Modifications for the ER-15 earplug

Marshall Chasin
June 22, 2011

The ER-15 earplug was the first to have uniform attenuation and it has been commercially available since 1988.  Its sister earplug, the ER-25 which is more appropriate for drummers and other percussionists reached the marketplace in 1992.   Since that time, the ER-15 earplugs have become the mainstay of hearing loss prevention for those in the performing arts.  More recently other earplugs have come on to the market with similar attenuation characteristics such as the Dynamic Ear (DM white filter).

In both cases there is an interplay between the attenuator button and the properties of the earmold that is used.  Specifically, a broadly tuned resonance is created between the compliance inherent in the attenuator button and the mass of air in the sound bore of the custom earmold.  This is typically around 2700 Hz in order to offset the natural insertion loss (attenuation) when an occluding earplug is placed in the ear.  The net effect is a flat or uniform earplug that treats bass, mid-range, and treble notes identically.

From time to time, modifications need to be made to these earplugs.  What if the individual’s ear canal resonance (REUR) is not at 2700 Hz.  What types of modifications can be done to bring the resonance in line with your client’s outer ear requirements?  We can run to the audiologist’s favourite formula:

Fres α (Length/cross sectional area)

This means that the resonant frequency of a resonant system is proportional to the length of the bore divided by its cross sectional area.  A long, narrow bore will have a higher resonant frequency and a short, wide bore will have a lower one.  The way I remember it is to remember the old 1930s comedians Laurel and Hardy.  The tall thin one is higher pitched than the short fat one.  If your client is a large truck driver with a 32 mm long ear canal (vs. 28 mm), the odds are that his REUR will be around 2500 Hz (rather than 2700 Hz).  The ER-15 needs to be modified by having a shorter and wider bore than the earmold laboratory would normally use for a “typical” ER-15 earplug.  The reverse would be true for a “small ear-ed” person.  This of course can, and should be verified using real ear measurement.  It should be pointed out that this modification may ensure that the REUR is offset appropriately, but there will be a high frequency alteration in the attenuation that occurs above the resonant frequency.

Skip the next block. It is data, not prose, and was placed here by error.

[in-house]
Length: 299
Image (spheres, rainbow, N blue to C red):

Courtesy of Etymotic Research, the cross section of the important elements of the ER-15 are shown including the custom made silicon mold.

Before going onto the second most common modification of the ER-15 it may be worthwhile reviewing how one does this with your real ear measurement system.  After calibrating in the normal fashion, set the stimulus level to 70-75 dB SPL.  It needs to be this high to ensure that the stimulus level – attenuation is above the noise floor of the real ear measurement system.  Once done, disable the reference microphone and the loudspeaker.  With the Audioscan set the stimulus level to 0 dB and with the Frye system, set the stimulus level to “off”.  You now have an in situ sound level meter that can be used to measure attenuation.  There is an application note on this very issue that I wrote in 1998.  It can be found at

Another modification of the ER-15 earplug is the placement of a 1.4 mm vent parallel to the main sound bore.  A vent of this size has two effects.  The first is a complete resolution of the occlusion effect (as long as the vent bore is sufficiently long- at, or past the second bend in the earcanal) and the second is to minimize the sound level of instrument-related sounds such as lip vibration with brass instruments. And indeed this modification is routinely used with brass players (and some vocalists).

Well, that is all that I know about this.  If you have anything more to add, please feel free to comment.

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